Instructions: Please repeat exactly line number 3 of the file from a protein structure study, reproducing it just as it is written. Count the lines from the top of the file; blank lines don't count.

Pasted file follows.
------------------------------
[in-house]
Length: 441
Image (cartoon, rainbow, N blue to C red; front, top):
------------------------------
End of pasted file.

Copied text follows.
Image (cartoon, rainbow, N blue to C red; front, top):